The garb of the mermaids could be the vitality of young women, a lure that must then be shed to pacify their controlling men. The direction Almost chooses for himself could be a demonstration that even the most difficult start in life need not lead to perpetual anger – with the damage this can wreak.

Set in contemporary times, the narrative brought to mind Shakespearean soliloquies albeit peppered with Welsh vernacular. It took me some time to engage with the language and form which has a dream like quality and poetic repetition. There are numerous literary quotations and references, most of which I could not place.

I read about a third of the book – my copy is 160 pages – before becoming engrossed and wanting to know what happened next. The world conjured has a mythic quality, the story a dark beauty. Having finished, its impact lingers.

“Who am I? Did you make me, or am I really just so?”

Although dealing largely with death there is a playfulness in the telling, an invitation to accept possibilities and rise above expectations. For readers open to a story that may not be quite what it first seems, this is a beguiling, ultimately satisfying read.

My copy of this book was provided gratis by the publisher, Patrician Press. 

Book Review: My Europe

My Europe is an anthology of stories, poems, drama and essays exploring Britain’s relationship with Europe in the wake of the contentious referendum result that could lead to Britain leaving the European Union in a process commonly referred to as Brexit. The publisher writes:

“The anthology is about Europe, not just the EU, but in the interests of fairness we tried to include more pieces in favour of Brexit. Alas, it proved difficult”

In trying to present the facts around such a complex and emotive subject, certain of the short essays are a tad dry to read. Nevertheless, they succeed in offering up information that is too often drowned out in hectoring rhetoric by supporters on both sides, and in the click-bait seeking media. The dismay felt by so many at the unleashing of previously suppressed xenophobic hatred has led Remainers to consider the prospect of Brexit an unmitigated disaster. What is rarely now mentioned, but is acknowledged within these pages, is that the behemothic bureaucracy of the EU is far from ideal.

“In truth, Brussels is a democracy-free zone. From the EU’s inception in 1950, Brussels became the seat of a bureaucracy administering a heavy industry cartel, vested with unprecedented law-making capacities. Even though the EU has evolved a great deal since, and acquired many of the trappings of a confederacy, it remains in the nature of the beast to treat the will of electorates as a nuisance that must be, somehow, negated.”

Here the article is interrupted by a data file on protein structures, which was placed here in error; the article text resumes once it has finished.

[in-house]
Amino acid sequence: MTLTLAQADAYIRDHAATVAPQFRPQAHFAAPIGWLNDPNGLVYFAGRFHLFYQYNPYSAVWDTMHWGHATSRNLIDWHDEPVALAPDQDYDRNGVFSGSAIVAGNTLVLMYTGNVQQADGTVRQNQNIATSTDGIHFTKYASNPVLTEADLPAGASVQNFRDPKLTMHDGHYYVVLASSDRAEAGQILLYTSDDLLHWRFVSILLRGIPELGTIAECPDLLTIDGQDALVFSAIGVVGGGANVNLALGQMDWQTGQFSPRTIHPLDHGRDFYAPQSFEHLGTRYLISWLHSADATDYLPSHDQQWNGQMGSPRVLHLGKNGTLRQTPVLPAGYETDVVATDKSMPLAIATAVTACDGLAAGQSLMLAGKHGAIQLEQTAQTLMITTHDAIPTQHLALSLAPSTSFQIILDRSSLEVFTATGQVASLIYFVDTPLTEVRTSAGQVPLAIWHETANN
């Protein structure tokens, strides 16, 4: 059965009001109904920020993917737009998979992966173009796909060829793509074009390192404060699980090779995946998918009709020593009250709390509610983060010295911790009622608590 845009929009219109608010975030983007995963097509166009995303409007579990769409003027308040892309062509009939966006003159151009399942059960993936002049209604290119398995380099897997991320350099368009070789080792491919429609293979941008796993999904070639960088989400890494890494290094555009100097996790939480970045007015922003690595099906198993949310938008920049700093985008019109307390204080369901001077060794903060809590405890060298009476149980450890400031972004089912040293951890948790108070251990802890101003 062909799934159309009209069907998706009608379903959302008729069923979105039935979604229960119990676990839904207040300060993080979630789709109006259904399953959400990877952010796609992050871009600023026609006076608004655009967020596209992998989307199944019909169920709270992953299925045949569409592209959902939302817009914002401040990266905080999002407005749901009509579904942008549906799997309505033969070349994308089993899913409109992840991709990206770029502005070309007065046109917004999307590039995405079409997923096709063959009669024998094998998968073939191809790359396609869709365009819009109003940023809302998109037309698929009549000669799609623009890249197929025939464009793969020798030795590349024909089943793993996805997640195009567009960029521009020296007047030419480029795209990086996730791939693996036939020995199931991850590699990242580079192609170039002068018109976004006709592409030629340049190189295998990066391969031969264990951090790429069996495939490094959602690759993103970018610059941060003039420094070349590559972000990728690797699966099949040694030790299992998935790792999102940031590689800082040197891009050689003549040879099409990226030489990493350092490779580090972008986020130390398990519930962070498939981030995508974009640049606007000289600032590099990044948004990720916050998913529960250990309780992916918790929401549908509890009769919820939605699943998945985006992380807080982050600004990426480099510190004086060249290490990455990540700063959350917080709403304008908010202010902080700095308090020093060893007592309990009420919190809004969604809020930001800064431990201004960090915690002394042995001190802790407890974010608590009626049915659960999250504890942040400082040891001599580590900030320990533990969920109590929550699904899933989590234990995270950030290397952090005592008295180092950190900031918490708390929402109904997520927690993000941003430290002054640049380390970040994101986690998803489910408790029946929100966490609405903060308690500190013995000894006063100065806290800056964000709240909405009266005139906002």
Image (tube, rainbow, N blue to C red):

In the first essay, Suzy Adderley writes:

“For many Tories, the neoliberal stance of the EU is not problematic, but free movement of labour and loss of sovereignty are anathema, while for left-wing socialists, the neoliberal structures are highly problematic whilst they would support the free movement of labour and regulatory structures. So it seems to me unrealistic to expect either main party, as presently constituted, to as a whole or entirely support or reject Brexit.”

Throughout this book there is clear headed recognition of why the referendum vote went as it did (hindsight being a wonderful thing). There are also attempts at increasing understanding of the cost of Brexit should it go ahead. This does not just explore the social cost, although the allegorical stories and poems cover this effectively. Several essays try to measure the economic impact, especially on those already so badly affected by recent government policies promoting austerity. Long term membership of the EU has created legally binding agreements as well as financial obligations that cannot easily be unpicked. Lawyers are being kept busy.

As I read each contribution I noted that the authors had travelled to countries in Europe and experienced their different cultures, something that many people will not have had the means or opportunity to do. The authors’ desires for wider European assimilation suggests that when they have been fortunate enough to travel abroad they have not been ring fenced with like minded tourists in coastal resorts but rather have explored and interacted widely. There is no acknowledgement of the ability and privilege this reflects.

There is mention of the problems of anger and nostalgia, a sepia tinted nationalism that has little basis in reality. With the country names and borders of the world in constant flux this is not a purely British phenomenon.